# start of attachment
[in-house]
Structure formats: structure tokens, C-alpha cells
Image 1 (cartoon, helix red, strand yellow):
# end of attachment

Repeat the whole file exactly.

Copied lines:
[in-house]
Structure formats: structure tokens, C-alpha cells
Image 1 (cartoon, helix red, strand yellow):